Cut & Post
What a Doll
She’s cute, smart and, best of all, Jewish. Nine-year-old Rebecca Rubin (left) is the latest in the popular—and pricey—American Girl historical doll series, whose characters are shown in key moments from America’s past, from 1764 to 1974 (www.americangirl.com). Rebecca, who is of Russian Jewish descent, lives on New York’s Lower East Side in 1914, the peak of the American immigration period.
“We chose for Rebecca to be the daughter of Russian Jewish immigrants because one of the largest groups of immigrants from 1880 to 1914 was Jews from Russia, and they were New York City’s single largest immigrant group at the time,” says Susan Jevens, American Girl’s senior press associate.
The 18-inch doll has curly brown hair and brown eyes and is available with historically authentic clothing and accessories such as a mini halla, samovar and Shabbat candlesticks. Her adventures are told through a six-book series written by Jewish author Jacqueline Dembar Greene, who depicts Rebecca dealing with a new-immigrant cousin, taking part in the labor movement and spending time at Coney Island.
—Leah F. Finkelshteyn
Lots of Judaica at Auction
In 1996, the Union of American Hebrew Congregations presented retiring president Alexander Schindler with a gilded silver yad decorated with three cut diamonds and crafted in Amsterdam in 1780 as well as a Torah crown made in America (right). Due to losses from investments made with Bernard Madoff, both pieces were sold last June by Schindler’s widow—for $23,000 and $9,000 respectively—at an auction run by J. Greenstein & Co (www.jgreenstein.com).
According to Jonathan Greenstein, the owner of the Brooklyn-based auction house that deals solely with antique Judaica, the 225 items up for bid represented a third more than is usual for the twice-yearly sales, an upsurge he attributes to the economic downturn. Though “nobody is parting with their father’s Kiddush cups,” says Greenstein, “an 88-year-old collector who offered 30 lots would have loved to give his collection to his children.”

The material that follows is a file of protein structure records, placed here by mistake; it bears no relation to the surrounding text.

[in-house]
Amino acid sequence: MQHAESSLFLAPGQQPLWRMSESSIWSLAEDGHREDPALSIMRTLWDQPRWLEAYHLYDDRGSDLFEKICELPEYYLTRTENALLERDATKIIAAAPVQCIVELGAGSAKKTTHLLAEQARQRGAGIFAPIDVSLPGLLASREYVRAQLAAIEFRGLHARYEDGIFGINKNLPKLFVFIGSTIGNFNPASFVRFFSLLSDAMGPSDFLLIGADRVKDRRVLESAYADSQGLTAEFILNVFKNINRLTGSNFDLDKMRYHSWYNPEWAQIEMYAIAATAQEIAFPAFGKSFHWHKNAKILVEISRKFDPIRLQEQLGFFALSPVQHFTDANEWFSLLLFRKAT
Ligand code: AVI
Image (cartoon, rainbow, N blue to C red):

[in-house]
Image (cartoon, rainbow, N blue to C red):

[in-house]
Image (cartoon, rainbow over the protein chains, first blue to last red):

About 75 items did not sell, including a menora owned by Sammy Davis Jr. In addition to auctions, Greenstein can bring his “Jewish antique evaluation show” to synagogues and museums to educate people about their treasures and offer professional estimates. —Rahel Musleah
Israel’s Just Desert
For almost two million years it has remained unchanged: A vast stretch of the Negev Desert, coated by a mosaic of stone fragments called desert pavement, was recently dated as the oldest recorded patch of ground on Earth.
In a world where the earth’s surface is in constant change from burrowing animals, rains, high winds and temperature extremes, the finding of a team of Israeli geologists is something of a breakthrough.
“Previously, the fact that a place could remain stable for so long was arguable, and it’s not anymore,” said Ari Matmon, a Hebrew University of Jerusalem professor who led the research with Rivka Amit from the Israel Geological Survey and Ori Simhai, a master’s student at Hebrew University.
In this hyper-arid region of the southern Negev, summer highs hover at 113 degrees, freezing temperatures are almost nonexistent in winter and there is usually less than one inch of rain per year.
The scientists would now like to expand their research into the neighboring deserts of Jordan and Egypt to see if the oldest-dated continuous piece of earth extends even farther. And if it does, they hope to discover what more it might tell about the history of climate change. —Dina Kraft
Shape Up: Brain Health and Aging